Thursday, July 26, 2007

How Heroes Are Made

I often think back to 1997 as I stood up high on a stage with a large curtain behind me and looked down upon over 100 adults over the age of 65 drinking coffee and eating bagels at a local senior center. I was to be their guest speaker about being active participants in their healthcare for the best possible outcomes. As my colleague handed out literature about patient safety, I spoke about the lack of information available to the public about healthcare. This was even before the Institute of Medicine report came out in 1999 that made safety, a bit more common term in healthcare.

For the years that followed, I continued these speaking engagements any place I was asked to speak. Out of these presentations came lessons I would learn, that I could share with the next group I would be able to speak to. In the years that follow that fall morning that I stood on a stage, I have always wondered who that works in healthcare will ever back me up on the numbers and statistics that I share.

There are many leaders in healthcare who acknowledge there is a problem with medication errors, infections and bad outcomes. They often talk amongst each other and lecture to rooms full of other medical professionals. But, it’s the public who must be aware of the problems associated with care also so they can play a role in improving outcomes. Were there no leaders who would do this?

On June 6, 2007 I was invited to speak at the New York City Health and Hospital Corporation Community Advisory Board Annual Meeting. Each facility associated with NY City HHC has a Community Advisory Board or CAB. The CAB is made up of community leaders who work together for the improvement of the hospital for the community.

On this date, I was going to speak to the CAB members about patient safety. I’ve done this hundreds of times before, but never with the support, full support of a hospital or healthcare systems leadership. On this evening, after everyone was well fed, I was going to tell them that people die in hospitals from medical errors, infections and other complications that shouldn’t happen. I was going to tell them that it could be them or someone they love next and I was going to tell them that the hospital leadership knows this. I would tell them true stories about people who have died in hospitals, how it could have been avoided and what they should do to participate in their own care. And, I hoped to even be able to make them laugh at some of my stories, experiences and audio-visuals.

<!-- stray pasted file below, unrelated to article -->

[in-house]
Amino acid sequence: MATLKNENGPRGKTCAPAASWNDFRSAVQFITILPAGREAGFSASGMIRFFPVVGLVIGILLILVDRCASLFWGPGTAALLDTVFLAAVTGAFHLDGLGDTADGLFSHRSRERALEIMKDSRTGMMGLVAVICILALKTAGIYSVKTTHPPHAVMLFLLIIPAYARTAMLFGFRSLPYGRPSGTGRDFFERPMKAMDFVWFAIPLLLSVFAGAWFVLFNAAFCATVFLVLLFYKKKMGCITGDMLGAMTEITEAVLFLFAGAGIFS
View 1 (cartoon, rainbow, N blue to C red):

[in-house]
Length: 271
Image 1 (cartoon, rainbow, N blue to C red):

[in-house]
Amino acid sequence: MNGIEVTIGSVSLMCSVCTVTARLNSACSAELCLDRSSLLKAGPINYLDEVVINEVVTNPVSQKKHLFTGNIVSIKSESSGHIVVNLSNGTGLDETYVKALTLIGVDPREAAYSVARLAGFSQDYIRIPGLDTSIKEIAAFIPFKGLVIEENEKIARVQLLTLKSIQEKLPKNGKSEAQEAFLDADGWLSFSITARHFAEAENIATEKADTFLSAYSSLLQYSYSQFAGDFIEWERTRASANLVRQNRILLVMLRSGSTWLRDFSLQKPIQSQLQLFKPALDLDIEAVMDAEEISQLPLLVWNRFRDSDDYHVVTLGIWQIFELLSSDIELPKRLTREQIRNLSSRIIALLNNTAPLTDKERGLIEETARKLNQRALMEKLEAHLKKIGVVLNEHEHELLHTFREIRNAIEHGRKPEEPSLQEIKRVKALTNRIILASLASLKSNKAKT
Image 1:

As the early part of the evening went on, I sat next to Mr. Alan Aviles, HHC President and CEO. I asked him if he was ready. “There will be no turning back” I told him almost feeling sorry for him.

He made a comment about full transparency and shook my hand. “Full transparency” I thought. You can’t get any more transparent than this.

Mr. Aviles was introduced to his community and he was supposed to speak for 5 minutes. The 5 minutes turned into much longer as I listened, heart pounding and palms sweating as the Chief Executive of one of the nations largest healthcare system stood in front of his community members, customers of his services and told them exactly what I would have said. “Medical errors kill as many as 98,000 people a year in hospitals”.

He told them the truth. He told them about errors, infections, deaths and injuries. As my heart beat with anticipation, I watched the audience staring in awe, some with their mouths wide open, some with their face all twisted, all listening intently. I sat at the edge of my seat waiting, waiting to see what else he can say. He continued to tell the truth.

I wasn’t sue the rest of the audience knew how courageous Mr. Aviles was that day. I am sure his staff there knew. He didn’t sugar coat the problem and he spoke directly to those who use his healthcare system. This bravery to me has never been matched. Now when I go to speak with his staff or work with the patients of NY Health and Hospital Corporation I will do so with the same respect he showed everyone that day. His patients deserve the best and he wants them to have the best. Shouldn’t we all be there to help him along? To fix a problem, we have to acknowledge a problem and that’s how heroes are made.

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